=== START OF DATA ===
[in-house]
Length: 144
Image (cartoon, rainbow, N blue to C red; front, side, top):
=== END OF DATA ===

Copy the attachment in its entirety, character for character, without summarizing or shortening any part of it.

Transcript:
[in-house]
Length: 144
Image (cartoon, rainbow, N blue to C red; front, side, top):